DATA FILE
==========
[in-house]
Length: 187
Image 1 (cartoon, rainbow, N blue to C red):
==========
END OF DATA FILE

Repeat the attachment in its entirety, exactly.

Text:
[in-house]
Length: 187
Image 1 (cartoon, rainbow, N blue to C red):